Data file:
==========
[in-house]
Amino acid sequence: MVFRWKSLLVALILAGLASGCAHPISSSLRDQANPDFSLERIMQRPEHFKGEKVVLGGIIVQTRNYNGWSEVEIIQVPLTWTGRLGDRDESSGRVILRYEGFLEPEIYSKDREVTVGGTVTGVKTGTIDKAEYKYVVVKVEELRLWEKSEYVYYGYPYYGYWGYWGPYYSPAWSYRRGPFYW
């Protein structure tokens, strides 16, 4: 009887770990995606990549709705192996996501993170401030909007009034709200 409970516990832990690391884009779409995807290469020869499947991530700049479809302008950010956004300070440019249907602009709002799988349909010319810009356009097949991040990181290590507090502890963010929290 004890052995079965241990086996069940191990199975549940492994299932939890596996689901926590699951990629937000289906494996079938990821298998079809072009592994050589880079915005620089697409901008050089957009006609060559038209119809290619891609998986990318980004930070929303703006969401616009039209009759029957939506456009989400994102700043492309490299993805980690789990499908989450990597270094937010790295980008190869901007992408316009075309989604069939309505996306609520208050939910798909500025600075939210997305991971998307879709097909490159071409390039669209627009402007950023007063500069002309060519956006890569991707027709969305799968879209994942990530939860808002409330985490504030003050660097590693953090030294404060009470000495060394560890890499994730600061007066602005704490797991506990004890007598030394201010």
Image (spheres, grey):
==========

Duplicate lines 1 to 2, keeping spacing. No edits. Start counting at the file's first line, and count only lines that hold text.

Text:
[in-house]
Amino acid sequence: MVFRWKSLLVALILAGLASGCAHPISSSLRDQANPDFSLERIMQRPEHFKGEKVVLGGIIVQTRNYNGWSEVEIIQVPLTWTGRLGDRDESSGRVILRYEGFLEPEIYSKDREVTVGGTVTGVKTGTIDKAEYKYVVVKVEELRLWEKSEYVYYGYPYYGYWGYWGPYYSPAWSYRRGPFYW